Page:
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Hong Kong Photojournalist Detained at Suvarnabhumi Airport for Carrying Bullet Proof Vest and Helmet

In his image provided by Initium Media Technology, Hong Kong journalist Hok Chun Anthony Kwan sits in a cell Monday after he was detained Sunday at Suvarnabhumi airport for carrying body armour and a helmet... Please credit and share this article with others using this link:http://www.bangkokpost.com/news/general/667092/hk-photographer-bailed-after-arrest-for-ballistic-vest. View our policies at http://goo.gl/9HgTd and http://goo.gl/ou6Ip. © Post Publishing PCL. All rights reserved.

In his image provided by Initium Media Technology, Hong Kong journalist Hok Chun Anthony Kwan sits in a cell Monday after he was detained Sunday at Suvarnabhumi airport for carrying body armour and a helmet.

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BANGKOK  Hong Kong photojournalist Anthony Kwan Hok-chun is out on bail in Bangkok after he was held for carrying body armour and a helmet while reporting on the recent bomb blast.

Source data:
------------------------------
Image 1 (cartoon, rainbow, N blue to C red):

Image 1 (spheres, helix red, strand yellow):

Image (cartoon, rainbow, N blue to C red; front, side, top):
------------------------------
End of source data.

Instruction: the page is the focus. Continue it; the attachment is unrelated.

Anthony Kwan Hok-chun was arrested at Suvarnabhumi Airport when boarding a flight to Hong Kong on Sunday. The items were found in his luggage.

Picture of Anthony Kwan Hok-chun as he arrived in court in Bangkok on Monday

Picture of Anthony Kwan Hok-chun as he arrived in court in Bangkok on Monday

Thai law prohibits possession of military equipment without a licence.

He may face a charge of carrying an illegal weapon, and could be jailed for up to five years if found guilty.

Journalists regularly use body armour and helmets when reporting from dangerous locations.

Mr Kwan told the BBC that he is still being investigated and police have yet to formally charge him.

His employer, Hong Kong news outlet Initium Media, said in a statement (in Chinese) that it has engaged a lawyer to help Mr Kwan.

“The legal process has started on this matter, it is thus inconvenient to comment on this matter, but we will closely monitor the developments in this situation and we support journalists’ necessary rights to safety,” it said.

The Foreign Correspondents Club of Thailand (FCCT) said in a statement that it is urging authorities not to press charges against Mr Kwan.

It added that the legitimate use of body armour should be decriminalised.

“Body armour and helmets used by journalists are not offensive weapons and should not be treated as such,” it said, adding that large media organisations make it mandatory that journalists wear armour in potentially risky environments.

It pointed out that Thai authorities had not taken action against Bangkok-based journalists who had openly worn body armour in the past.

The bomb blast on 17 August killed 20 people and injured scores more. Police are still hunting for the main suspect.

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